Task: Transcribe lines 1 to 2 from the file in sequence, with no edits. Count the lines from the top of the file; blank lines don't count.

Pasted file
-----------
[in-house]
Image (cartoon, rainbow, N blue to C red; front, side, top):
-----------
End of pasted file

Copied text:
[in-house]
Image (cartoon, rainbow, N blue to C red; front, side, top):